Tea with Teachers: Answers to Parents’ Questions

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Here are answers to the questions parents asked during our recent Tea with Teachers event at Panyaden.

1. Can you explain your teaching methods?
In all classes, we aim to boost students’ independence and their sense of responsibility for their own learning. Key elements that we put in place include the following:

  • We keep lecture-style lessons to a minimum. Teachers keep instructions and explanations to 5-15 minutes maximum, then the focus turns to learning in small groups and or as individuals.
  • We involve students in identifying success criteria for the tasks at hand. Having a clear picture of the goal helps them self-monitor their progress.
  • We start the year with a unit about how the brain works and teach them how to learn more efficiently. Learning how to learn!
  • We accept mistakes and teach students ways to learn from them.
  • We describe their learning and behavior in non-judgmental words, leading them to assess themselves instead on relying on us.
  • We present the same information in different ways so students with different learning needs can access it reach the same goal.

2. Will K2 students learn combined vowel sounds in Thai language? (K2 parent)
In Kindergarten 2 Thai, children will be encouraged to read aloud a wide range of stories and listen to poems which they will start to recite by heart. They will become confident in being able to identify letters and will strengthen their learning of phonological awareness. They will be exposed to a range of daily sight words containing the simple and combined vowel sounds, and will practise forming individual Thai letters.

ในวิชาภาษาไทยสำหรับระดับชั้นอนุบาล 2 นักเรียนจะได้รับการส่งเสริมการอ่านหนังสือและนิทานที่หลากหลาย และได้ฟังบทกลอน บทกวีที่เหมาะสมตามวัย เพื่อพัฒนาทักษะด้านภาษาจากภายในอย่างเป็นธรรมชาติ
นักเรียนจะได้เรียนรู้เกี่ยวกับพยัญชนะไทยและพัฒนาความมั่นใจในการจำแนกเสียงของคำจากเสียงพยัญชนะ นอกจากนั้น นักเรียนจะได้เริ่มเรียนรู้และคุ้นเคยกับคำศัพท์ประจำวันที่ประสมด้วยสระอย่างง่ายเพื่อพัฒนาการเรียนรู้การสะกดคำในระดับสูงต่อไป

3. How can foreign parents help their kids to learn Thai?
Learning a second language yourself is a powerful way to model the importance of that second language but, maybe even more importantly, it’s a way to show your child that learning is a lifelong endeavour and that taking risks and doing something difficult is actually enjoyable! However, you don’t have to master a second language to help your child. Here are a few suggestions:

  • Provide learning materials that match your child’s interests: books, games, music, etc.
  • Organise activities where your child will have to use his second language: horse riding, swimming lessons, a visit to a theme park, etc.
  • Invite a neighbour or a friend who speaks the targeted language.
  • Show your personal interest in the language.
  • Read to your child in your first language but find someone to read to her in her second language or use audio books.

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4. Can the school increase the length of English learning time? (Year 2 parent)
Children in Year 1-7 have 5 hours of focused English language time each week but are also learning and practising English at other times, such as during integrated learning (maths, science, history, geography) and performing arts, so there are many more hours of English per week than in the English language lesson. As a bilingual school, we put equal emphasis on English and Thai.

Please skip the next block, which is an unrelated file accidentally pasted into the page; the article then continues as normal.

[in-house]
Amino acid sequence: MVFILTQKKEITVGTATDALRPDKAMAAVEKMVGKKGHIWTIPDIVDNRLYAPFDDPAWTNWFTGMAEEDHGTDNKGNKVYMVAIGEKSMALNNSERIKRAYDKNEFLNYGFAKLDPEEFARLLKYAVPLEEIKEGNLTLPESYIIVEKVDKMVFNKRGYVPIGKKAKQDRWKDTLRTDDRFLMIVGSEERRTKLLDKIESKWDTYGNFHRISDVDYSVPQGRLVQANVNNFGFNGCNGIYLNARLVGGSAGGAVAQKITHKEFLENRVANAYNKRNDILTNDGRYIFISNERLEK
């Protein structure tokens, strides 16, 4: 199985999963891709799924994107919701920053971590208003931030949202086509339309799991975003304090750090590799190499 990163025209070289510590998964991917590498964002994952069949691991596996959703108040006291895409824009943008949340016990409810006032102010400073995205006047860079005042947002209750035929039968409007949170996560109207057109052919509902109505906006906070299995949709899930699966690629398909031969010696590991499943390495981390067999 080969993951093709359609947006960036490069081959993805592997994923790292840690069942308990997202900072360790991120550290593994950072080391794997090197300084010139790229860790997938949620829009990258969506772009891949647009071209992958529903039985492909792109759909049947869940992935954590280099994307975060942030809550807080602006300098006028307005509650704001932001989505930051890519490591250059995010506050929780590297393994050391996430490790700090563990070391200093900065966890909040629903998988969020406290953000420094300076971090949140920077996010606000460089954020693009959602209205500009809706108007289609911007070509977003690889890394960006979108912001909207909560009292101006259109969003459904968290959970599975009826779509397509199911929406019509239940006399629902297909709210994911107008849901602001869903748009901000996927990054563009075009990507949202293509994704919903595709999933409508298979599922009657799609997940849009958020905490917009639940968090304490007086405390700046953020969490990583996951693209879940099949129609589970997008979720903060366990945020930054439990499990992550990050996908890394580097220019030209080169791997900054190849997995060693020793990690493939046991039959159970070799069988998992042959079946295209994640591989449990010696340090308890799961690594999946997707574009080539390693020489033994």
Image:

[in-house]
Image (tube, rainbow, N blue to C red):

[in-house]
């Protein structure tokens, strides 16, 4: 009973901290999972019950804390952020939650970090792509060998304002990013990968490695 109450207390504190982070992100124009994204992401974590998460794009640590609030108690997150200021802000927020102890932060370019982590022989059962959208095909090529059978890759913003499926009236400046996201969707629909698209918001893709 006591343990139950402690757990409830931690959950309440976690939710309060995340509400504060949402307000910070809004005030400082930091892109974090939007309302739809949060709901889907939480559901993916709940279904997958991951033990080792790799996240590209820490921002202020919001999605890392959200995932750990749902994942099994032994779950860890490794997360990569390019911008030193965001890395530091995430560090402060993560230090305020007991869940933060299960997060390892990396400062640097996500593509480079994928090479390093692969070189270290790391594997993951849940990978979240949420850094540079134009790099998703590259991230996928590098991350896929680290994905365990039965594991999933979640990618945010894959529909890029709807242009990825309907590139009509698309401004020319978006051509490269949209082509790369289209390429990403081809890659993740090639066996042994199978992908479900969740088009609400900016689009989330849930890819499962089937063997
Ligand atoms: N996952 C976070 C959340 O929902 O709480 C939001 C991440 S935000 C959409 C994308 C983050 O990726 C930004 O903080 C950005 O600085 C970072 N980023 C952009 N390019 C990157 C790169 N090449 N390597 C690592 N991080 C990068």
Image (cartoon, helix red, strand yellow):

5. How can we as parents support at home?
For Year 1-7 we will be sending activities home that aim to involve parents. On top of that, we suggest that parents:

  • Encourage reading by reading to your children every day, making sure that they see you reading, and limiting screen time.
  • Arrange a quiet, comfortable space for children to read or do homework and avoid distractions – like the TV being on – during that time.
  • Come to our parent-teacher workshops later this term where we will share ideas about our approaches to learning and behaviour. We will notify you of dates in advance.
  • Ask your children to explain the Wise Habits each time we send information about them home and look for opportunities to reflect upon them with our child.

6. Can we have access to the curriculum?
Yes, the UK curriculum is publically available and can be viewed here: Early Years Primary Years 1-7

Information about the The International Primary Curriculum – which is the tool we use to organise the different subjects into themes and units can be viewed here: IPC

7. Can we see the Thai language curriculum for Year 5?
Yes, we have the Thai curriculum for every grade at school as a PDF file. Any parents who would like to get a copy, please write to Kru Dokmai at dokmai@panyaden.ac.th.

ทางโรงเรียนมีหลักสูตรภาษาไทยสำหรับทุกระดับชั้นในไฟล์เอกสาร หากผู้ปกครองท่านใดต้องการสำเนา สามารถติดต่อครูดอกไม้ได้ตามอีเมลนี้ dokmai@panyaden.ac.th.

8. Can we have an overview of the following 3-4 months, upcoming festivities, field trips?
Main school events are available from the school’s calendar. We will also be sending home a summary of the term’s learning activities each term. This will be done soon.

9. What is the main language of communication among children?
Teachers only speak their first language with students. We expect all students to communicate with teachers in the teacher’s first language. Children choose the language they will use among themselves and we hear a lot of switching between Thai and English with English tending to dominate with the older students. To fully support Thai and English we monitor and adjust, in every group, the number of speakers who don’t have Thai or English as a first language.